Saturday, June 13th, 2009

To all of you who promptly jumped onto my blog in search of the “missing” energy bar recipe that I referenced, I apologize for the confusion.

This recipe is from Eating Well magazine, a subscription definitely worth purchasing if ever there was one. The first time that I tasted this recipe I thought it was overly sweet, but then it grew on me, as long as I consumed it in small doses. I especially like it with a big glass of skim milk after my early morning workouts. The protein and simple carbohydrate mix is great for recovery following heavy strength training or an extra long cardio workout (something in excess of 60 minutes.)

This quick recipe doesn’t require baking, a huge plus and particularly appealing during hot summer weather, assuming that summer even makes an appearance in Chicago this year.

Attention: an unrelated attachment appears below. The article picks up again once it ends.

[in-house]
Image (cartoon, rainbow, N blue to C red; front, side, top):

• 1/2 cup dry roasted salted peanuts *
  • 1/2 cup roasted sunflower seeds or other chopped nuts
  • 2 cups raisins or other chopped dried fruit
  • 2 cups rolled or instant oats
  • 2 cups toasted rice cereal, such as Rice Krispies
  • 1/4 cup toasted wheat germ (optional)
  • 1/2 cup creamy or crunchy natural peanut butter
  • 1/2 cup packed brown sugar
  • 1/2 cup light corn syrup or honey **
  • 1 teaspoon vanilla extract

1. Coat an 9-by-13-inch baking pan with cooking spray.
2. Combine peanuts, sunflower seeds (or other nuts), raisins (or other dried fruit), oats, rice cereal and wheat germ (if using) in a large bowl.
3. Combine peanut butter, brown sugar and corn syrup (or honey) in a large microwaveable bowl; microwave on High until bubbling, 1 to 2 minutes. Add vanilla and stir until blended. Pour the peanut butter mixture over the dry ingredients and stir until coated.
4. Transfer the mixture to the prepared pan. Press down firmly. (It helps to coat your fingers with cooking spray.) Let stand for about 1 hour to harden. Cut into bars.

* Assuming that you use unsalted, natural peanut butter, the salted peanuts add the only sodium in the recipe, but it’s perfectly fine to use unsalted peanuts if you prefer.

** I used honey.